When it comes to car emissions, where California goes other states soon follow. Last month California’s Governor Gavin Newsom issued an executive order that gas-powered cars will not be sold after 2035. You can still drive or sell your gas-powered car, you just won’t be able to buy a new one. The ban attempts to reduce all emissions by 50%. Now, a second state has announced it will ban gas-powered cars.
That state is New Jersey. The state’s Department of Environmental Protection announced its own ban by 2035. While it is similar to California’s plan it goes further by dropping emissions in New Jersey 80% by 2050. The report is titled 80×50 Report.
“The 80×50 Report is a call-to-action for all of us in government and in New Jersey to roll up our sleeves and craft the next generation of climate-focused laws and policies,” said Governor Phil Murphy. “Our Administration has taken the climate crisis head-on since day one. But the challenge before us demands more. As we have learned from the crisis brought about by Covid-19, we cannot spare a moment in taking the necessary steps that will prepare us for this next crisis. Together, we will meet this moment.”
New Jersey is one of 14 other states that follow guidelines set by California
New Jersey is one of 14 other states that generally follow guidelines and restrictions set by California. States can choose to follow California’s emissions requirements or they can follow the more lenient US Government EPA laws. However, the Trump administration has been trying to stop California from having the authority to set its own emissions standards. It wants all states to follow EPA regulations only.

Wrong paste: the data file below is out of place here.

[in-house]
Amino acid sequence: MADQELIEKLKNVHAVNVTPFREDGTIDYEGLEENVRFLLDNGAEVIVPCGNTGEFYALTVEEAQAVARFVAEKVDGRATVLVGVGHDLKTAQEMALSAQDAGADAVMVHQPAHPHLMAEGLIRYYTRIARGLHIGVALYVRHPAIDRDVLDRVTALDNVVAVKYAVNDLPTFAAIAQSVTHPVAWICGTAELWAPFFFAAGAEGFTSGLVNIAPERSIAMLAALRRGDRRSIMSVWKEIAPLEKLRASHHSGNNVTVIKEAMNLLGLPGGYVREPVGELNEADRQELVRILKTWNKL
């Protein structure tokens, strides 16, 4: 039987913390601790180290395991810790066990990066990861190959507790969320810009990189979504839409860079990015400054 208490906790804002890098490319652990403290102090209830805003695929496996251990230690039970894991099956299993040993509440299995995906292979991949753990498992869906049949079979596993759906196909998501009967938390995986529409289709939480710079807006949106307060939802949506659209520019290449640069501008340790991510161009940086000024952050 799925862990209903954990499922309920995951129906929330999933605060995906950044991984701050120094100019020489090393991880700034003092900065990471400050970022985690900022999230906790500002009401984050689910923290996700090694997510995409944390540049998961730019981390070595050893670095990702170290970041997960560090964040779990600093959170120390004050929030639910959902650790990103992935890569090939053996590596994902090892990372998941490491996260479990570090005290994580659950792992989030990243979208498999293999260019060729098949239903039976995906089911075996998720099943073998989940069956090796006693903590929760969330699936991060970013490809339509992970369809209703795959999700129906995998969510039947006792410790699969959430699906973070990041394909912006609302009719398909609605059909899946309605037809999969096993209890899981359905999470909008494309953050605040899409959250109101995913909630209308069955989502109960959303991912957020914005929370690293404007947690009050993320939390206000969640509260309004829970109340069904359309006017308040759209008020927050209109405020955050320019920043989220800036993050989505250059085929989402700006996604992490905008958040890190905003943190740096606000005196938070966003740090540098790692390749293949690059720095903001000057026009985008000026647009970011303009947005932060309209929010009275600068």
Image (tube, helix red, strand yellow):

The head of the EPA Andrew Wheeler has taken jabs at California’s 2035 ban. Among other things he claims that the electricity grid won’t have the capacity to handle extra loads like charging that amount of electric cars. There are estimated to be over 15 million cars in the state alone.
Wheeler also hinted that the California ban would still need an EPA waiver. Trump’s administration has also taken California to court over its mandate to only purchase vehicles from manufacturers who recognize California’s right to set its own emissions standards. The following automakers have already agreed to abide by California’s right to purchase. They include Ford, Volkswagen, BMW, and Honda.
All previous administrations have allowed California to set its stricter standards
The companies that side with the Trump administration are GM, Toyota, Mazda, and Fiat Chrysler. Over 11% of all cars sold in the US go to California. The objections coming from the Trump administration, like California’s ability to pack enough electricity on its grid, seem like they can be satisfied within 15 years. Also, all previous administrations have allowed California to set its stricter standards due to its unique geography that traps carbon emissions.
So it would seem that if Trump loses the 2020 election the lawsuit will immediately be dropped and California can proceed as it has for decades. Neither California nor the administration is likely to back down so it will be dropped once Trump is out of office or it will proceed to the courts if not.